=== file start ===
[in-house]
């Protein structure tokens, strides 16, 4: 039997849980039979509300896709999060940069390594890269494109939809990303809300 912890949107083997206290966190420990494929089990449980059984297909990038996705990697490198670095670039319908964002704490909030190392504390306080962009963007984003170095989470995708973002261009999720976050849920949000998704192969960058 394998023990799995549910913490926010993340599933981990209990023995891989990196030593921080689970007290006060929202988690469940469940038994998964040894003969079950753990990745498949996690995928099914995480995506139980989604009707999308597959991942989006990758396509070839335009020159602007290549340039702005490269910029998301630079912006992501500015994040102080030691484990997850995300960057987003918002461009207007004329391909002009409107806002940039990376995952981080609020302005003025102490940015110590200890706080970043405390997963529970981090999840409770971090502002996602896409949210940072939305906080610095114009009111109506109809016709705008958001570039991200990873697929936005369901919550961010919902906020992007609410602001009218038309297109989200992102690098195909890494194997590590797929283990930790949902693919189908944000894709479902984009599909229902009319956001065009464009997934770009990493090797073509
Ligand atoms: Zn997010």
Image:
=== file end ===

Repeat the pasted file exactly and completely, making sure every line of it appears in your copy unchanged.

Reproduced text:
[in-house]
């Protein structure tokens, strides 16, 4: 039997849980039979509300896709999060940069390594890269494109939809990303809300 912890949107083997206290966190420990494929089990449980059984297909990038996705990697490198670095670039319908964002704490909030190392504390306080962009963007984003170095989470995708973002261009999720976050849920949000998704192969960058 394998023990799995549910913490926010993340599933981990209990023995891989990196030593921080689970007290006060929202988690469940469940038994998964040894003969079950753990990745498949996690995928099914995480995506139980989604009707999308597959991942989006990758396509070839335009020159602007290549340039702005490269910029998301630079912006992501500015994040102080030691484990997850995300960057987003918002461009207007004329391909002009409107806002940039990376995952981080609020302005003025102490940015110590200890706080970043405390997963529970981090999840409770971090502002996602896409949210940072939305906080610095114009009111109506109809016709705008958001570039991200990873697929936005369901919550961010919902906020992007609410602001009218038309297109989200992102690098195909890494194997590590797929283990930790949902693919189908944000894709479902984009599909229902009319956001065009464009997934770009990493090797073509
Ligand atoms: Zn997010």
Image: